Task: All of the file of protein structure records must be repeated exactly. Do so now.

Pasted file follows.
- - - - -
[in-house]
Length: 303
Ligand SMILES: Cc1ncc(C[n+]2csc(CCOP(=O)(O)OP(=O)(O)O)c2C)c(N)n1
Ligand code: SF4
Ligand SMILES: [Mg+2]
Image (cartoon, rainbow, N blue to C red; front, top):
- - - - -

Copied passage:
[in-house]
Length: 303
Ligand SMILES: Cc1ncc(C[n+]2csc(CCOP(=O)(O)OP(=O)(O)O)c2C)c(N)n1
Ligand code: SF4
Ligand SMILES: [Mg+2]
Image (cartoon, rainbow, N blue to C red; front, top):